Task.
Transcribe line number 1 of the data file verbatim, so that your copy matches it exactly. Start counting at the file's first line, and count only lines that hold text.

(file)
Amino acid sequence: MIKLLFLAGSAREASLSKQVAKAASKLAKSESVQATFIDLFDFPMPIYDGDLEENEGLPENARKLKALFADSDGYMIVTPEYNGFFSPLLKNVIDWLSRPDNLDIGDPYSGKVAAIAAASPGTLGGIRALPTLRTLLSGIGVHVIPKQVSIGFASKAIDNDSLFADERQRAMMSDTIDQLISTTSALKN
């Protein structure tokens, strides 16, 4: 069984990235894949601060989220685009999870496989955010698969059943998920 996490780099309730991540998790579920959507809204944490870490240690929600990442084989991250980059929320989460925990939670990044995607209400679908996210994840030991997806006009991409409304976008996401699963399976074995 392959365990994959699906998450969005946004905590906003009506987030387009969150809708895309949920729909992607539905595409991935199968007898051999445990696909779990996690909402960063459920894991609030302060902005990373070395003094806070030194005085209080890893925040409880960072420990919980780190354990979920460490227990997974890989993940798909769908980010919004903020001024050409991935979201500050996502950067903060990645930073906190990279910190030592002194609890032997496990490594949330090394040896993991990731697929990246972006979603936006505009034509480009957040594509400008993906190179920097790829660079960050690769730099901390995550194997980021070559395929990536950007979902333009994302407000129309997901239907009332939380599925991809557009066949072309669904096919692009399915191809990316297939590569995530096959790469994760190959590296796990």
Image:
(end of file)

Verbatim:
Amino acid sequence: MIKLLFLAGSAREASLSKQVAKAASKLAKSESVQATFIDLFDFPMPIYDGDLEENEGLPENARKLKALFADSDGYMIVTPEYNGFFSPLLKNVIDWLSRPDNLDIGDPYSGKVAAIAAASPGTLGGIRALPTLRTLLSGIGVHVIPKQVSIGFASKAIDNDSLFADERQRAMMSDTIDQLISTTSALKN